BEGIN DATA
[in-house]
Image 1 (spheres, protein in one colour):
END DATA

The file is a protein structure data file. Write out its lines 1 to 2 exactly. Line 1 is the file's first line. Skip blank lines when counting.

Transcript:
[in-house]
Image 1 (spheres, protein in one colour):